The Danish sculptor behind a monument to those who died in the Tiananmen crackdown has considered taking legal action against the University of Hong Kong (HKU), which the artist said has repeatedly ignored his requests to retrieve the statue.

pillar of shame removed
The former site of the Pillar of Shame at the University of Hong Kong is now a seating area. Photo: Peter Lee/HKFP.

The eight-metre-tall Pillar of Shame stood on the main HKU campus for 24 years before being torn down in the middle of the night in December 2021, with the university citing safety reasons and “legal risks” under the city’s colonial-era Crimes Ordinance. That October, HKU’s law firm had written to the the organiser of Hong Kong’s annual Tiananmen crackdown vigil to demand removal of the monument by 5 p.m. on October 13. However, the group had disbanded the previous month.

According to correspondence seen by HKFP, lawyers acting on behalf of Jens Galschiøt contacted HKU on October 12, saying that the artist was the rightful owner of the sculpture and was “willing and… prepared” to remove it from HKU. An extension of three months was requested to arrange its retrieval.

Galschiøt’s representatives did not hear back from HKU’s legal team until December 24, the day after the monument had been taken down and placed into a steel storage container.

“If your client maintains his claim to be the rightful owner of the Statue, please liaise with us for the arrangement to collect it from our client’s storage as soon as practicable,” solicitors representing HKU said in the letter to Galschiøt’s lawyers, seen by HKFP.

That was the last time Galschiøt heard from HKU, he said.

Jens Galschiøt
Jens Galschiøt. File photo: Jens Galschiøt.

In the months since, Galschiøt said he has made repeated attempts to communicate with the university regarding retrieving the Pillar of Shame. In mid-January, he sent a representative, Loretta Lau, to hand deliver a written request to three HKU premises: the Kadoorie Centre, where the pillar is now stored; the Estates Office; and the President’s Office.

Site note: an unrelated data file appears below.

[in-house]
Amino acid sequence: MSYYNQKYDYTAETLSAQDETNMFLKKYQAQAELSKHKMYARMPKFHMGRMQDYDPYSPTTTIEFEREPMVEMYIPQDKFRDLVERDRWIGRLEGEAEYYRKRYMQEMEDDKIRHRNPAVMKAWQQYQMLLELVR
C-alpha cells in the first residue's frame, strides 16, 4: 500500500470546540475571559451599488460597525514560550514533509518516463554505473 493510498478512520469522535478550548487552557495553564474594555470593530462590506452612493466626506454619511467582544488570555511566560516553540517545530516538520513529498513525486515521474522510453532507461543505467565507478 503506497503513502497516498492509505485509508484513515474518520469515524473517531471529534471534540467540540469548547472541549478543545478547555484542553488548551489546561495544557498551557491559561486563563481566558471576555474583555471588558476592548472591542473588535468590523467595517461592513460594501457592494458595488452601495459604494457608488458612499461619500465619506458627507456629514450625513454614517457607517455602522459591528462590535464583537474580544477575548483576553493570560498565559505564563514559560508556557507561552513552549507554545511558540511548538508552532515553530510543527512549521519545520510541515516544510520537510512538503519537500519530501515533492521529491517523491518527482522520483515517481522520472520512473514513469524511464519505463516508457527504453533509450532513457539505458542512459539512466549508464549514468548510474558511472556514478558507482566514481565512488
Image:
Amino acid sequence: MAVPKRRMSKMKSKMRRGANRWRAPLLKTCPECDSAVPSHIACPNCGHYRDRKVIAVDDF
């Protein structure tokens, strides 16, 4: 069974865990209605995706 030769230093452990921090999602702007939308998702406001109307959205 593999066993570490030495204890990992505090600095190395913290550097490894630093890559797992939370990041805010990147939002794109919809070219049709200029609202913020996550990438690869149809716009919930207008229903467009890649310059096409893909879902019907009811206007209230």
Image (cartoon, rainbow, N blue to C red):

On February 7, Lau said she received a response from the President’s Office saying that “the matter is receiving attention.” As of Wednesday, she has not heard from the other HKU offices.

Responding to an enquiry from HKFP, HKU said: “The University’s legal representative is handling the matter which involves the claimant of an item being stored on University premises by an outside party.”

When asked about his next steps, Galschiøt told HKFP via video call from his studio in Denmark that he had virtually met with his lawyers in Hong Kong to discuss the possibility of pursuing legal action against the university to retrieve the statue.

The artist did not give HKFP a rigid deadline, saying he hoped to get the matter resolved before taking it to court.

Tiananmen Square Massacre Pillar of Shame HKUSU
The University of Hong Kong Student’ Union had cleaned the Pillar of Shame every year before the statue was torn down in December 2021. File Photo: Kelly Ho/HKFP.

Galschiøt said a law suit would be costly for both him and HKU, but that he would “of course” take legal action if necessary. “They have no rights,” he told HKFP. “It’s not legal to steal art in Hong Kong, or in any parts of China,” he added.